Koan: YCombinator

Felix Bogdanski

since 01.06.2016


We all work within some industry and often it's about time and money. But essentially, coding to me is art and we should have fun practicing our art. So, this time, let's talk about the art of coding. For this, I picked a very beautiful and elegant piece of code – the YCombinator written in Scala1:

object YCombinator {
  def apply[A, B](f: (A => B) => (A => B)): A => B = f(apply(f))(_)
}

You might have a rough idea about what this YCombinator does, but can't grasp the whole concept of it, e. g. in terms of drawing a call stack in your head. What can we do with this baffling thing?

Let's start with a recursive implementation of the faculty function n! = n * (n - 1) * (n - 2) * ... * 1:

object Factorial {
  def apply(n: Int): Int = if (n > 1) n * apply(n - 1) else 1
}

val a = Factorial(5) // is 120

This is a straightforward thing. Since defs are method calls, thus functions with a this-pointer and a well-known memory location, we can express this recursive pattern by safely referring to apply within apply. Now, what if we can't refer to our own logic within our logic, because we simply don't have a name to refer to? Can we still express this faculty function in a recursive manner?

object FactorialTailrec {
  def apply(n: Int): Int = {
    @tailrec def fac(i: Int, k: Int): Int = if (i > 1) fac(i - 1, k * (i - 1)) else k
    fac(n, n)
  }
}

val b = FactorialTailrec(5)

If we try it with a nested tail-recursive version, we could express apply without using apply, but still we need to call fac within fac, and since this is the very same pattern, just on a different level, all we can really do to express the faculty function without a reference to its own name is to do what the compiler would do with @tailrec: eliminate recursion through an imperative while-loop!

object FactorialIter {
  def apply(n: Int): Int = {
    var k = n
    var i = n - 1
    while (i > 1) {
      k = k * i
      i = i - 1
    }
    k
  }
}

val c = FactorialIter(5)

What do we get? Well, a long but working faculty function that does not refer to itself!2 And since even the most elegant functional wizardish code at one point has to be translated to imperative assembler instructions, we could argue that this is the only way to express recursive functions without a name.

Is it, really? Let's go back to our YCombinator and try to define the faculty function with it:

object YCombinator {
  def apply[A, B](f: (A => B) => (A => B)): A => B = f(apply(f))(_)
}

val d = YCombinator[Int, Int](a => b => if (b > 1) b * a(b - 1) else 1)(5) // immediately applying 5! = 120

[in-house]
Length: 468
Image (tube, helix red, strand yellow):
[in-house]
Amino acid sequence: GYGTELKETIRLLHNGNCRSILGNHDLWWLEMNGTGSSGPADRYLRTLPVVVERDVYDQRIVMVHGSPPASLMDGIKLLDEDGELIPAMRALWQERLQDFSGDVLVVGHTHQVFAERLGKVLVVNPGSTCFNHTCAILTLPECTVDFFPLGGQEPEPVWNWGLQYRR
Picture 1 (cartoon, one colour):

This variant of the faculty function is recursive, but it doesn't have a name to refer to within its definition. All it has are parameters a and b. Apparently, we can use the YCombinator to express nameless, anonymous, recursive functions. Granted. But, how does this work? Let's step into the beauty of it.

The function f: (A => B) => (A => B) can be considered as a template. The first function A => B is the continuation of the second function A => B. Using the YCombinator, we can define the recursive factorial in terms of (a: Int => Int) => ((b: Int) => ...) where a is the same logic as (b => ...), but never the same instance. The job of the YCombinator is to pre-set this logic a for all subsequent calls from inside (b => ...). If we write:

object Overflominator {
  def apply[A, B](f: (A => B) => (A => B)): A => B = f(apply(f))
}

This would compile, because it is the same on the type-level. But there will be a stack overflow error as soon as our factorial function is passed at run-time. The heart of the YCombinator is the partial application (_) in tail position, so let's rewrite it to explicitly show the ad-hoc application, which tames the recursion:

object ExplicitYCombinator {
  def apply[A, B](f: (A => B) => (A => B)): A => B = a => f(apply(f))(a) // instead of (_)
}

So calling the YCombinator with our factorial function will give us a function object. When we call this function object with a number, what will happen? Before it computes something with this number, it will create its own logic as function object X, which can be used by factorial function A to continue, if need be, or terminate. When the current factorial A needs to continue, it calls this function object X. When X is called, it will do the same thing before handing out the desired next factorial function B: it will prepare the factorial function B with its own logic as function object Y and then return this next factorial function B, which, hence, when called from current factorial function A via X, can continue the computation through the very same recursive mechanism Y offers, or terminate. When it terminates, the call stack will unwind and give the desired result.

Thanks for reading.


1: The YCombinator can be defined in a way which is closer to Curry's original formulation. In this implementation, the recursion is realized by deftly interweaving a combinator case class instead of using native recursion. I find that this version is a little less intuitive to explain in plain english. So instead, I picked the native, recursive version to illustrate the concept of it. Although they are different, both implementations carry out the same idea.

2: A true zen master would question this, of course.